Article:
Trillium News

Strategic View

What Fair Trade Means for Alejandro and Elida Maldonado
This summer I had the honor and the privilege to live for several days with Alejandro and Élida Maldonado, who own a small coffee farm in northern Peru. I saw first hand how fair trade is improving their lives, and those of 25 other families in the tiny village of Santa Rosa.
We climbed through the desert up to Santa Rosa on potholed dirt roads in a rickety van sponsored by Equal Exchange, the fair trade import cooperative. (Here, finally, was a place that could use SUVs, and of course they have none.) The farmers and their families greeted us like brothers and sisters and spoke from the heart about their difficulties and their dreams for their children. They apologized for the simplicity of their hospitality, while we, embarrassed, spoke of the richness of their lives well spent, and what we have lost in Western consumer culture. One of the dignified farmers inexplicably broke down and cried, overwhelmed by the magnitude of this visit from the Norte Americanos who bought and financed his coffee crop. It was a powerful emotional experience for all involved. More than anything, we wanted to show the farmers our respect for their work, and our commitment to them as human beings connected to us through a long and complex global food chain.
We awoke in their dirt-floor house at six to a cacophony of donkeys, dogs and roosters. I hiked up with Alejandro to his small plot. The steep, shaded terrain and high altitude necessary for quality coffee precludes mass production. In Peru alone there are 150,000 coffee farming families with an average plot size of only five acres. Woven bags slung over our shoulders, we searched for coffee plants with ripe “cherries.” After a morning of picking we shelled and washed the raw beans, setting them out to dry and cure in the warm sun.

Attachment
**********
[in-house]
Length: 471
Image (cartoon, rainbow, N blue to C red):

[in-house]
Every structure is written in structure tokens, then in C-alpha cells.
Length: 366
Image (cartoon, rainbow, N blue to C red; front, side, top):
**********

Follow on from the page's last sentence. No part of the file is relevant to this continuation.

Just a dozen years ago Alejandro and his colleagues were selling their raw beans into the local market at low and volatile prices. Representatives from the newly formed export cooperative Cepicafe convinced the farmers of Santa Rosa to join them, and since then their quality of life has progressed significantly. Cepicafe sells 70% of its coffee into the fair trade market, and commercio justo (“just commerce”) has made all the difference. Cepicafe provides higher, more stable revenues, since fair trade prices don’t fluctuate with the underlying coffee market. It also provides access to credit, so farmers are not forced to sell at rock-bottom prices to generate income, and has been crucial in providing agronomists and other technical support to the farmers of Santa Rosa.
Beyond pricing and productivity, the greatest impact of Cepicafe and fair trade has been on social development. A small percentage of fair trade revenue is captured as a “social premium,” which the farmers invest as they see fit. Higher prices and the social premium have financed better health care and education. Alejandro and Élida’s oldest son works as a chef, their daughter is studying technology and another son is exploring opportunities in tourism.
There is plenty of additional potential supply for fair trade. If we simply create the demand, one day all trade can be commercio justo.